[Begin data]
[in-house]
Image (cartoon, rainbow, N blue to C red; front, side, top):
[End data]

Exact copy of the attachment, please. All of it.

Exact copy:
[in-house]
Image (cartoon, rainbow, N blue to C red; front, side, top):